Pocket Tactics Presents: A Guide to Stratego06 Sep 2017 2
Stratego is not nearly as old as the other games we have covered in this series, but you might be surprised to learn that it still dates back to the turn of the century. Hermance Edan designed the game in 1880 and patented it in 1908, publishing in 1910 as L'Attaque. It was published as Stratego in 1942 in the Netherlands and brought to the US by Milton Bradley in 1961.
What's a bit unique about Stratego among abstract strategy games is the hidden pieces - only the player knows where each piece is placed until their opponent endangers their own piece in an attack. Where the most popular abstract strategy games feature perfect knowledge of the enemy, Stratego involves an element of risk in its fog of war. While there's no pure luck in Stratego, you will have to guess what pieces your opponent has hidden where, and and remember which was which.
If you didn't have a Stratego box sandwiched between Risk and Monopoly in your games cabinet as a kid, here's how it works. Each player has 40 pieces ranked 1 - 10 (or 10 - 1, depending on your version) as well as Bombs, Spies, Miners, Scouts, and one Flag. The objective is to find and take your opponents Flag, which is immobile. Higher-ranked pieces take lower-ranked pieces, except the Spy is able to take out the highest-ranked Marshal if it attacks first. Bombs are also immovable but destroy any piece that attacks them. Miners can defuse bombs and Scouts can move long distance like rooks in chess.
This results in an opening game that can be somewhat frustrating for its seeming randomness, as each player probes the other's defences, attempting to uncover or deduce the positions of the other pieces. In the mid-game, the player who played most judiciously and lost the least strong pieces will have a significant advantage. The end game becomes more tactical, as the pieces are largely known and players attempt to outmanoeuvre each other. We've researched some of the best apps with which to experience this classic strategy game.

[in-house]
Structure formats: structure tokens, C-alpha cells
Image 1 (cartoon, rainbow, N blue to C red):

The officially licensed Stratego apps are pretty and polished, but leave a lot to be desired in the gameplay department. For one, they've been divided into separate apps for single and multi-player. The single-player app offers a (very short) campaign mode that twists the formula by giving you a limited number of pieces against an unknown enemy on oddly-shaped maps.
While a fun diversion, it ultimately serves as little more than a lengthy tutorial. Skirmishes can be played on full-size maps with various obstacles as an alternative to the board game's lakes. The visuals look nice, but you have to watch a little animation each time you capture, which gets tedious. The AI is not that bright either. The multiplayer app is significantly more expensive, but also allows you to save setups to speed up gameplay.
Galaxy Wars [iOS]
Galaxy Wars pastes a space theme over Stratego. and allows for asynchronous multiplayer. This is your best option for free Stratego on iOS, as long as you aren't nostalgic for the soldiers in their historically-accurate Napoleonic uniforms (some people are).
For a clean and simple option on Android, this is better than the official app. The pieces are clearly marked with numbers and symbols rather than wacky cartoons. You can play against three levels of AI or pass-and-play on three different-sized boards. The ads are not intrusive, and the Pro version is a bargain.
Heroic Battle [Android]
This ad-supported free single-player version of the classic game is faithful to the original rules and Napoleonic marker style, but also includes the ability to select from pre-made setups for the beginning of the game, or save your own for later - behind an in-app purchase.
Capture the Flag [Android]
This is a slight simplification of Stratego that makes it ideal for (single-player) mobile play. The game reduces the number of pieces to 21 a side and only four ranks of soldiers plus traps. Like Heroic Battle it also eliminates the setup from the beginning of the game, instead allowing you to roll random starting positions until you find one you are happy with. Games only take a few minutes to play.
Animal Chess is a 20th century Chinese variant of Stratego that is simplified for children, and is often played before introducing children to Xiangqi. The game shares the ranked pieces of Stratego, but does away with the hidden information. Instead, you have to use the terrain and clever sacrifices to lure and trap your opponent's pieces.
Reiner Knizia's The Confrontation [iOS]
Reiner Knizia's The Confrontation is more refined version of Stratego that does away with the wide number of ranked soldiers in exchange for more characters with special abilities on a more limited field. The game is played with only nine characters per side, plus nine special battle cards, and far less math than your average Knizia game. Kelsey reviewed this game for Pocket Tactics back in January 2016.
Land Battle Chess [Android]
Going in the other direction, the Chinese Luzhanqi "Land Battle Chess" (sometimes Junqi) expands Stratego to a frankly ridiculous degree. It adds terrain, including roads, rail, and mountains, and Landmines and Engineers. It also can be played with four people in two teams (ED: Wasn't there a Stratego 4 boardgame?). If you are bold, you can give it a try on Android.
That's it for this latest entry into our series looking into classic strategy games and their mobile counter-parts. Got a suggestion for the next game we look at? Played any of the above? Let us know in the comments!